The University of Louisville School of Medicine received exciting news this past December that the FDA had approved its plans to formally study a groundbreaking spinal cord injury treatment called Epidural Stimulation.
The university is currently looking for 36 participants who have suffered paralysis due to a spinal cord injury (SCI). They will conduct a feasibility study intended to determine the life-enhancing results epidural stimulation has on individuals suffering from SCI.
The potential impact of the study, especially if it proves epidural stimulation to be a successful and safe treatment, is enormous.
Epidural Stimulation is an innovative spinal cord injury treatment that uses a surgically implanted device to connect with and stimulate the nerve system through electrical current. The device has two parts: a neuro-stimulator (the power source) and a lead (a set of electrodes) that sits over the posterior portion of the lumbar spine.
The epidural stimulator, when activated, delivers continual electrical current to the spinal cord, stimulating locomotor-like activity. As the nerve system is stimulated, the body begins to re-learn feeling, sensation, and movement.
Once implanted, the device is controlled by a remote. A highly experienced therapist uses the remote during the 30-40-day rehabilitation process to “map” the patient’s movements in response to the stimulation and helps the patient, their brain, nerves, and muscles relearn how to move voluntarily.
The treatment can be used on patients suffering both complete and incomplete spinal cord injuries.
Epidural Stimulation is a relatively new and groundbreaking treatment.
Patients have literally traveled the world to get access to the treatment. Now that the FDA has approved a formal medical study of significant size to put the treatment to the test, there is hope that in the United States, the treatment may become a recognised as a standard clinical treatment option. This would make Epidural Stimulation a much more accessible and, eventually, affordable treatment option to pursue.
With the treatment gaining recognition abroad, and with the support of the Christopher and Dana Reeve Foundation, the Kentucky Spinal Cord Injury Research Center at the University of Louisville School of Medicine has taken on the task of testing the efficacy and safety of this revolutionary spinal cord injury treatment.
The goal of the study is to definitively demonstrate the effectiveness and validity of epidural stimulation as a clinical treatment. If that can be done, the treatment will become more widely available in the States.
The reason they have chosen to work with participants suffering the most severe form of spinal cord injuries – paralysis – is based on the assumption that if they can help those with the most severe damage, they will certainly be able to help those with lesser spinal cord damage.
The specific goals of the study are to see whether, and to what degree, epidural stimulation can enable patients to:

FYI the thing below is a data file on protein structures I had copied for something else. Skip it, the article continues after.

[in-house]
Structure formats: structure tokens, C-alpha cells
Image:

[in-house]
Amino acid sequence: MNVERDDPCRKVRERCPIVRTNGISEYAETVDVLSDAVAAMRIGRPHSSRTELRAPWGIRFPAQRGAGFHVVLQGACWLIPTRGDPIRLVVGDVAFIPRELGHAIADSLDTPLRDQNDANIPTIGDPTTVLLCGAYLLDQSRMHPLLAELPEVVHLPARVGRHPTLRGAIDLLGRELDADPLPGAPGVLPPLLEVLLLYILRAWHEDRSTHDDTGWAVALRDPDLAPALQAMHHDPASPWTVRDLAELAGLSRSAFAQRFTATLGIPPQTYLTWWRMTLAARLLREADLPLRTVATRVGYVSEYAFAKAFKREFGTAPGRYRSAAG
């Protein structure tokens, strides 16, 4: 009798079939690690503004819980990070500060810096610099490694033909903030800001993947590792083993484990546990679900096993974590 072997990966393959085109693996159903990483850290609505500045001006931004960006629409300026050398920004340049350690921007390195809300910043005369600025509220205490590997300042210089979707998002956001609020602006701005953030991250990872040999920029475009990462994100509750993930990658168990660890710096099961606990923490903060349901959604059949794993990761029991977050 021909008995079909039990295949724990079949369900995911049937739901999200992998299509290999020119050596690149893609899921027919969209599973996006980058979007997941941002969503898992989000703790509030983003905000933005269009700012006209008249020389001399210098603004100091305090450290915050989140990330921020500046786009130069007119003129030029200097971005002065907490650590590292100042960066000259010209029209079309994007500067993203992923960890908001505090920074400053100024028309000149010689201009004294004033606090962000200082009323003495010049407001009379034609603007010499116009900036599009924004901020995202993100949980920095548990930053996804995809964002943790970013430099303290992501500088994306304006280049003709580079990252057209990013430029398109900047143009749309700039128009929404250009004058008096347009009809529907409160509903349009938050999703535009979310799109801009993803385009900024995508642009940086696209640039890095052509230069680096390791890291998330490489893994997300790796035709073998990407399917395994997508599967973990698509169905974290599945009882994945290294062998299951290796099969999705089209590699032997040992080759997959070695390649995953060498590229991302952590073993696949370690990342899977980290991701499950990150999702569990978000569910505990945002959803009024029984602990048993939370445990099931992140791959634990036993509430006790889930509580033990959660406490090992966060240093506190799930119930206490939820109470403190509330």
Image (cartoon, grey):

It will be the largest and most significant study performed on epidural stimulation in the world. The study will run for a six-year period, with each participant enrolling for two years. The hope is to sufficiently prove the efficacy and safety of epidural stimulation as a legitimate treatment for spinal cord injuries.
This undertaking by the University of Louisville School of Medicine will play a major role in determining the future of the treatment and whether or not it becomes a standard treatment option in the long run. If successful, the study could significantly expedite the availability of the treatment to those who need it most.
The new study is being financed by the Christopher & Dana Reeve Foundation as a part of it’s the Big Idea campaign. The foundation was inspired to fund this study after groundbreaking success in a much smaller study they funded, which was published in 2014.
In that study, epidural stimulation was tested on only four men diagnosed with total spinal cord injuries, but each participant saw significant improvement, including gaining the capability to stand, flex their hips, legs, and toes, and improved ability to control their bowel, bladder and sexual function.
After such encouraging success for patients suffering the most sever forms of spinal cord injuries, the foundation was eager to support a study taking the testing to the next level.
Besides the success and hints of great potential that the Christopher & Dana Reeve Foundation witnessed through the 2014 study, epidural stimulation has earned a legitimate track record of success abroad.
Unique Access Medical, a private medical institution in Asia facilitating access to progressive healthcare methods, has helped numerous spinal cord injury patients to be able to receive this breakthrough treatment. They have seen many success stories, including the world’s very first T5 SCI patient to take steps after suffering paralysis.
One of the first patients to receive the treatment, Andrew Bell, suffered complete paralysis from the waist down after a motorcycle accident. Refusing to accept the prognosis that he would never walk again, Andrew did his research and discovered Epidural Stimulation. He traveled to Unique Access Medical and after the initial implant of the stimulator and first round of therapy, he saw more progress than was ever expected.
Those suffering from spinal cord injuries across the globe should know that this groundbreaking treatment is available now. The progress being made in the U.S., as indicated by the FDA’s recent approval of the University of Louisville study, is exciting to see and brings hope that soon this revolutionary treatment will be more accessible. But if you have been waiting long enough, check out Andrew Bell and other patients’ stories out to learn more about what you can do to get on the road to recovery from your injury.